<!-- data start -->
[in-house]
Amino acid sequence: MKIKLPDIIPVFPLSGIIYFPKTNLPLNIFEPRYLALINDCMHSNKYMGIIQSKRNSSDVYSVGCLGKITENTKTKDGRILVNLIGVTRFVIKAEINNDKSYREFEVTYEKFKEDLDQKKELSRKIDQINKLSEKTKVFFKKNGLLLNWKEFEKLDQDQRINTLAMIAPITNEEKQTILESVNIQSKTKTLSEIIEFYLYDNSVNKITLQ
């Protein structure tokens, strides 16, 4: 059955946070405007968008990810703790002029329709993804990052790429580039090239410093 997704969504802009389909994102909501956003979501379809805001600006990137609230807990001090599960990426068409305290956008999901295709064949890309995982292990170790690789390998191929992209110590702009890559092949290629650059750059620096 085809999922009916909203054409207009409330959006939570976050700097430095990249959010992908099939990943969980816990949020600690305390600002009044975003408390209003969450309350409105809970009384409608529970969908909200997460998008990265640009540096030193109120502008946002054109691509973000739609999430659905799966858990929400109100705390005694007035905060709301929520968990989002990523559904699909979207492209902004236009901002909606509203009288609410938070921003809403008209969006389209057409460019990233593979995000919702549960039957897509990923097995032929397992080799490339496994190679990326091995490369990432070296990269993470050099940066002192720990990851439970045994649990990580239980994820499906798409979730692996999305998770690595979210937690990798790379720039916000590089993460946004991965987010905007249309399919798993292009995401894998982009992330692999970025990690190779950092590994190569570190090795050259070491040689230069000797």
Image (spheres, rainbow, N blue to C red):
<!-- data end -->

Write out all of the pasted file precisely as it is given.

[in-house]
Amino acid sequence: MKIKLPDIIPVFPLSGIIYFPKTNLPLNIFEPRYLALINDCMHSNKYMGIIQSKRNSSDVYSVGCLGKITENTKTKDGRILVNLIGVTRFVIKAEINNDKSYREFEVTYEKFKEDLDQKKELSRKIDQINKLSEKTKVFFKKNGLLLNWKEFEKLDQDQRINTLAMIAPITNEEKQTILESVNIQSKTKTLSEIIEFYLYDNSVNKITLQ
């Protein structure tokens, strides 16, 4: 059955946070405007968008990810703790002029329709993804990052790429580039090239410093 997704969504802009389909994102909501956003979501379809805001600006990137609230807990001090599960990426068409305290956008999901295709064949890309995982292990170790690789390998191929992209110590702009890559092949290629650059750059620096 085809999922009916909203054409207009409330959006939570976050700097430095990249959010992908099939990943969980816990949020600690305390600002009044975003408390209003969450309350409105809970009384409608529970969908909200997460998008990265640009540096030193109120502008946002054109691509973000739609999430659905799966858990929400109100705390005694007035905060709301929520968990989002990523559904699909979207492209902004236009901002909606509203009288609410938070921003809403008209969006389209057409460019990233593979995000919702549960039957897509990923097995032929397992080799490339496994190679990326091995490369990432070296990269993470050099940066002192720990990851439970045994649990990580239980994820499906798409979730692996999305998770690595979210937690990798790379720039916000590089993460946004991965987010905007249309399919798993292009995401894998982009992330692999970025990690190779950092590994190569570190090795050259070491040689230069000797």
Image (spheres, rainbow, N blue to C red):